New blockchains aside, ZKPs are also being leveraged to scale Ethereum. A construction called zk-Rollups promises to reduce fees spent by users on Ethereum transactions and increase the throughput and scalability of the Ethereum blockchain. zk-Rollups lighten the burden of what must exist directly on the blockchain ledger, replacing all of the data that was previously required to be “on-chain” with a much cheaper and lighter-weight proof of that data. Much more on the cool work being done on this front can be found here.
Okay, so this nerdy niche area of cryptography (ZKPs) is being applied to solve problems in a different nerdy niche area of cryptography (blockchains).
Why should you, a non-nerd, non-cryptographer care?
While much of the innovation around ZKPs is being pioneered in the realm of cryptocurrency (and much of the funding going towards this innovation is deriving from that crazy industry) the implications and applications are wider reaching.
Cloud infrastructure, for example, could become a whole lot more secure using these ZKPs (no cryptocurrency required). Users could leverage cloud computing, for example, without ever exposing sensitive consumer data to the cloud providers. This is particularly important for financial services, government, and other similarly risk-averse entities when it comes to data security. These industries have been notorious laggards in their adoption of hosted cloud infrastructure, much to the frustration of forward-thinking CTOs, cost-sensitive CFOs, and end-users craving a more modern experience. If zero-knowledge can enable these industries to start using cloud providers without trusting those providers with that sensitive data, then a revolution awaits.
These are just a few of the applications of zero-knowledge systems that are awaiting our exploration over the coming years. Remember: we are still just at the Technology Trigger point of the Hype Cycle. We may not have a concrete sense of how the zero-knowledge revolution manifests until we have gone through Peak, Trough, and find ourselves on the Slope of Enlightenment a few years from now.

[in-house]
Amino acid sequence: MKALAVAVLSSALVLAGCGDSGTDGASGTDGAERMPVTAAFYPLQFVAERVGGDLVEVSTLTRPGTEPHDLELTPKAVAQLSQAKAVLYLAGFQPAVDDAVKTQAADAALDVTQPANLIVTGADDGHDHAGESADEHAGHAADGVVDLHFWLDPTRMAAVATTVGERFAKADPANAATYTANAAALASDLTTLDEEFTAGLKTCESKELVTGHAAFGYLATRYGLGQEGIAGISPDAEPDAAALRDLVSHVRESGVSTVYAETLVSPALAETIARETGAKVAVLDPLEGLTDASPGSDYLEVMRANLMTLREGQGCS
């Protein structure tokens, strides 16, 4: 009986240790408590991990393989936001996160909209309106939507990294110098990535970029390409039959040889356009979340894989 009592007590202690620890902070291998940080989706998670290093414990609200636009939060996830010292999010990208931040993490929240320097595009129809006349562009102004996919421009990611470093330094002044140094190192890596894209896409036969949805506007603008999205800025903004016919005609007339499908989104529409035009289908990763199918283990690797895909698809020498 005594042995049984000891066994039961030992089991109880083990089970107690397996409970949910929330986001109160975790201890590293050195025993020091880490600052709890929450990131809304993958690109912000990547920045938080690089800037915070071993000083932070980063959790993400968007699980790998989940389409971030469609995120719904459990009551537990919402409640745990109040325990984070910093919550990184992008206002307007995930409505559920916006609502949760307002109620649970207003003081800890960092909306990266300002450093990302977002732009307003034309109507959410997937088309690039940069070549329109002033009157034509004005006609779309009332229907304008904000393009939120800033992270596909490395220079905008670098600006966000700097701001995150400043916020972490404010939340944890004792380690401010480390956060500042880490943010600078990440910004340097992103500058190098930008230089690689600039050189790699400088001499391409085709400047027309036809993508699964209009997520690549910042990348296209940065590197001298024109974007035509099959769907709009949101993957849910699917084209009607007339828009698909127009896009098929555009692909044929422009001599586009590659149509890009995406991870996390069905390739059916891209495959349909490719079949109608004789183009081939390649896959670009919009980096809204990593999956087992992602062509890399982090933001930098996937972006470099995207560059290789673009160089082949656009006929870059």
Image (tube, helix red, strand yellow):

The Zero-Knowledge Design Space
The most exciting part about catching something so early in the Hype Cycle is the new design spaces and opportunities for experimentation brought about by the Technology Trigger. It’s a time of imagination, when all of the things that could possibly happen still might happen.
From the Technology Trigger through the Peak of Inflated Expectations, it’s all about seeing which ideas will work, which won’t, and which things emerge that the space’s early explorers hadn’t even thought up. When the market gets its hands on new infrastructure, millions of peoples’ dreams and craziest ideas do battle with technical and social limitations. Then, excitement around the space plummets as the limitations taste temporary victory; but the builders keep building, persisting in the business of applying the new technology to real use cases.
But today, we’re still in the dreaming phase, at the base of the mountain. So we can dream a little bit.
In the extreme bull case, zero-knowledge proofs move more on-prem businesses to the cloud, more business activity onto the blockchain, and allow us to transact at the right level of transparency and disclosure required for any given transaction. They grease the wheels of internet commerce.
More wildly, zero-knowledge proofs might help unlock the avatar-based economy Jill envisioned in October 2020. Anyone could remain pseudonymous and still prove that they have certain skills and qualifications, can pass a background check, and provide any number of other non-identifying pieces of information a hiring company or Liquid Super Team might need to know.
Those are just a few examples in an open design space of millions. I’m sure that you can cook up some ideas of your own. We’re certainly not the only ones who are excited…
… and if history has taught us anything, we’re certainly not the last. Consider yourself members of the elite ranks of the zero-knowledge-initiated. Be warned: once you learn about them, you start seeing potential applications everywhere.
Zero-knowledge proofs are incredibly promising and exciting, but don’t be surprised if expectations exceed reality in the short-term. There are hard technical, economic, and social challenges to solve, and let’s be real, nothing fuels hype like zero knowledge.
Thanks to Jill for collaborating with me on this, and to Charles for reviewing!
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Thanks for reading and see you on Thursday,
Regarding the example with the letter boxes: How can Dolores be sure that you correctly marked the letters?